Tuesday, October 25, 2011

The Offer He Couldn’t Refuse: The Godfather and Coppola’s Compromise of Capitalism in American Cinema

”He’s a businessman, I’ll make him an offer he can’t refuse”, are the iconic words of the Godfather, Don Vito Corleone that also illustrate the business behind the studio system which ushered in Francis Ford Coppola’s enduring masterpiece The Godfather in 1972. Struggling to compete with the television programming and a new generation’s cinematic appetite that favored risqué and gritty foreign films, the studios were desperate for a genuine blockbuster. Paramount studios turned to a young film school graduate and independent filmmaker Francis Ford Coppola to adapt the popular best seller The Godfather. Faced with debts and the future of his fledgling independent film company; American Zoetrope, Coppola was coerced into directing The Godfather (Schumacher 88). Coppola focused on imprinting a realistic picture of American capitalism through a mafia family’s collapse and rebirth. The reshaping of the Corleone clan infrastructure from Don Vito Corleone’s old world values to his younger son’s gritty and aggressive approach characterize American Cinema’s transition through the generation of New Hollywood filmmakers like Francis Ford Coppola.
            A melodrama of one family’s survival to stay on top, The Godfather captures the authentic Italian-mob culture through Coppola’s own Catholic and Italian heritage. The charming, aged patriarch, New York crime boss, Don Vito Corleone (Marlon Brando) hears the petitions from the serfs of his feudal clan around the pleasantries of his daughter’s wedding celebrations. He peers out at his empire from the discretion of blinds and marks the return of his youngest and favorite son Michael (Al Pacino) a WWII hero, bringing along an outsider, his non-Sicilian, all-American girlfriend Kay Adams (Diane Keaton). One member of “the family” celebrity Johnny Fontane (Al Martino) comes to Vito desperate for him to jumpstart his career. Vito sends his adopted son, the cool calculating, Tom Haggard (Robert Duvall), the family consigliere (legal counselor) to Hollywood to make the difficult producer an offer he “cannot refuse”.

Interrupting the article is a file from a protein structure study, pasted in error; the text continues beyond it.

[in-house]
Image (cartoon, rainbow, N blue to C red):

The tide turns for the Corleone family when Vito takes and old world stand against a rival crime boss’ offer to go into the drug trade. Sollozo (Al Letierri) the rival crime boss soon targets Vito and his men shoot up the Corleone Don in the street. Michael is drawn into the family business as his older brother the hotheaded Sonny (James Caan) triggers the first mob-war in ten years. Michael is nominated to mediate for ‘the family’ and uses the opportunity to assasinate Sollozzo and his corrupt police captain counterpart and then flees to Sicily. Leaving Kay behind he falls in love and marries a fragile Sicilian girl from his father’s native town. When Sonny is lured to his death at a tollbooth shoot out, and Michael’s wife is killed with a car bomb intended for him, the weak Don Vito negotiates a truce for Michael’s return compromising to engage in the drug trafficking, a vice he considered unethical before.
            Michael returns a hardened man. He marries Kay and has a son with her, but he moves swiftly with Machiavellian agency to reinstate the Corleone family’s power. Vito is able to impart to Michael his final insight on how the rival crime families will attempt to entrap him when he is gone. While playing with his grandson Vito dies in the vineyard. Now don, Michael stands in as godfather at his nephew’s christening while rivals to their ‘family’ are assassinated. The film closes with Kay’s realization that she is cut off from her husband by the family of men that encompass him and literally close the door on her.